SDG&E working with local school district on first vehicle-to-grid project – Swift 能源 News

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Published on July 28, 2022 by Dave Kovaleski


San Diego Gas & Electric (SDG&E) is working with the Cajon Valley Union School District and technology company Nuvve on an initiative that enables eight electric school buses to put electricity back on the grid when needed.

This is the first vehicle-to-grid (V2G) project to become operational in Southern California. It is also the first V2G project to come online in the nation, following the U.S. Department of Energy’s (DOE) vehicle-to-everything (V2X) initiative announcement in April. It was celebrated with an event on July 26 attended by project partners and San Diego County District Two Supervisor Joel Anderson.

As part of the five-year pilot project, SDG&E installed six 60kW bi-directional DC fast chargers at Cajon Valley’s bus yard in El Cajon, Calif.

“This pilot project is a great example of our region being at the forefront of testing and adopting innovative technologies to reduce greenhouse gas emissions and strengthen the electric grid,” SDG&E Vice President of Energy Innovation Miguel Romero said. “Electric fleets represent a vast untapped energy storage resource and hold immense potential to benefit our customers and community not just environmentally, but also financially and economically.”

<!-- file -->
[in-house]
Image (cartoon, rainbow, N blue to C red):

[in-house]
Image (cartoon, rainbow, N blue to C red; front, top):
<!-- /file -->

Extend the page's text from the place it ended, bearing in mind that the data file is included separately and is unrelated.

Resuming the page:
In addition to Cajon Valley, SDG&E is also working with San Diego Unified and Ramona Unified School Districts on similar V2G projects.

“Pilots like these are critical to advancing industry knowledge and commercialization of new technologies that help create jobs and build a clean energy future,” Office of Technology Transitions Commercialization Executive Rima Oueid said. “I am thrilled to see this project go live less than three months after the DOE launched our V2X initiative, validating the value of public-private partnership.”

Through this program, Cajon Valley can participate in SDG&E’s new Emergency Load Reduction Program (ELRP), which pays business customers $2/kWh if they are able to export energy to the grid or reduce energy use during grid emergencies.

“We jumped at the opportunity to be part of this pilot project because of its potential to help us build a healthier community and better serve our students,” Assistant Superintendent Scott Buxbaum said. “If we are able to reduce our energy and vehicle maintenance costs as a result of this project, it frees up more resources for our schools and students.”

V2G technology works by allowing batteries onboard vehicles to charge up during the day when energy, particularly renewable energy such as solar, is abundant. The batteries then discharge clean electricity back to the grid during peak hours or other periods of high demand.

“School buses are an excellent use case for V2G,” Nuvve Co-Founder, chair and CEO Gregory Poilasne said. “They hold larger batteries than standard vehicles and can spend peak solar hours parked and plugged into bi-directional chargers. Nuvve’s technology enables the grid to draw energy from a bus when it is needed most, yet still ensuring the bus has enough stored power to operate when needed.”